Frequency, Salience and Form-Meaning Mapping Transparency as Modulating Factors for EI Effectiveness (Goretti Prieto Botana & Carolina Castillo Larrea, University of Southern California, United States)
Goretti Prieto Botana & Carolina Castillo Larrea, University of Southern California, United States
Title: Frequency, Salience and Form-Meaning Mapping Transparency as Modulating Factors for EI Effectiveness
keywords: Explicit instruction; Instructed Language Acquisition; Spanish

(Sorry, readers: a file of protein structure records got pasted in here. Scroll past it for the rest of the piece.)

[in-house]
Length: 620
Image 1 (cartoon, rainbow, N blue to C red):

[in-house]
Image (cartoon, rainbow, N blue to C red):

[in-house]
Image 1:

The role of explicit information (EI) has long been debated in second language acquisition. Numerous studies in the literature report null effects for EI, whereas just as many point to its facilitative potential (cf. Shintani 2015). Previous research varies on a number of levels, from target structure, to frequency of access and quality of EI. In an attempt to determine whether the nature of EI may explain the disparity in results, a pretest-posttest study was conducted to gauge the differential effects of four types of EI on the learning of two types of Spanish conditionals (real and hypothetical). 397 learners were randomly assigned to four different conditions: group 1 received EI in text form (n=76), group 2 received the same but with auditory support (n=72), group 3 received text and audio, plus enhancement (n=76), and, group 4 (n=100) received text, audio, enhancement and indexing (i.e., animations linking parts of EI to examples). A control group was added to obtain a baseline (n=73). While both target structures work identically, they each feature tenses that are different with respect to frequency and salience of their forms. In addition, while all experimental conditions received EI, form-meaning connections were increasingly more obvious in groups 2-4. Results from Grammaticality Judgment Tests indicate that for real conditionals, EI was not beneficial. For hypothetical conditionals, however, all groups exhibited statistically superior performance as compared to the control group. None of the experimental groups were different from one another but a higher effect size was recorded for the contrast between Group 4 (text+ audio+enhancement+indexing) and the control group. These findings suggest EI can indeed be effective, albeit salience and frequency of occurrence of the targeted forms may modulate that effect. Further, our data offers some indication that EI that further promotes form-meaning-mappings may have a greater impact.